James Miller

author and political scientist

Guest

Professor of Political Science and Liberal Studies at the New School for Social Research; author of Democracy Is in the Streets: From Port Huron to the Siege of Chicago, Flowers in the Dustbin: The Rise of Rock and Roll, 1947-1977 and Those Guys Have All the Fun: Inside the World of ESPN; former rock critic

James Miller on KCRW

James A. Miller: Inside the World of ESPN

from The Treatment

It's been 40 years since a half-million young people turned up at a muddy farm in New York State for an event that's still celebrated as a major cultural moment.

Woodstock: The Myths and the Realities

It's been 40 years since a half-million young people turned up at a muddy farm in New York State for an event that's still celebrated as a major cultural moment.

from To the Point

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Panelists discuss surprising primary election wins, Kansas voters protecting abortion rights, and Speaker Nancy Pelosi’s controversial trip to Taiwan.

from Left, Right & Center

Filmmaker Peter Jackson was 3 years old when The Beatles first appeared on “The Ed Sullivan Show” on February 9,1964.

from The Business

Warner Bros. Discovery CEO David Zaslav shocks the movie industry once again by shelving the nearly-completed $90-milion film “Batgirl.” What does this mean for the company’s future?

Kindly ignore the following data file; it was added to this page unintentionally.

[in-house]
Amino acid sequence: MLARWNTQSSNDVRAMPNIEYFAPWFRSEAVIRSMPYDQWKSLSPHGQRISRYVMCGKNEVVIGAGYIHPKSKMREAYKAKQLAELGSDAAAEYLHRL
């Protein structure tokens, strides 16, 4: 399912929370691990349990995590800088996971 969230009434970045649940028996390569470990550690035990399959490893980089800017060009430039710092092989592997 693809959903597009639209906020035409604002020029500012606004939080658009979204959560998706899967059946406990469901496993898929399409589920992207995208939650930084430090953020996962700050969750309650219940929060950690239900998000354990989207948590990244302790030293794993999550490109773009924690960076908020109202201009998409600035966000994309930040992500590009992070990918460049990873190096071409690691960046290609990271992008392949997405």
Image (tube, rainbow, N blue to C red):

from Hollywood Breakdown

Dying is a complicated process. Death doulas want to make it better. That can mean helping with your will, spiritual issues, or just a great going-away party.

from Greater LA

Does the news really have to be all that bad, or does our addiction to catastrophe drive outlets to deliver what sells? How might today’s media be fixed?

from To the Point

The Bill Pickett Invitational Rodeo is the only nationally recognized Black rodeo in the U.S. Today it reaches more than 130,000 spectators, which makes it more popular than ever.

from Greater LA

“Secret City: The Hidden History of Gay Washington” details the brave and sometimes salacious characters of Washington D.C.’s gay culture during the 20th century.

from Press Play with Madeleine Brand

Scientists are checking LA sewage for coronavirus. As fewer people report test results, health officials say the data helps them see what’s next with the pandemic.

from Greater LA

LA is in mourning after iconic Dodgers broadcaster Vin Scully died Tuesday at age 94. He called Dodgers games for 67 seasons before retiring in 2016. Mo Ostin died this week at age 95.

from Greater LA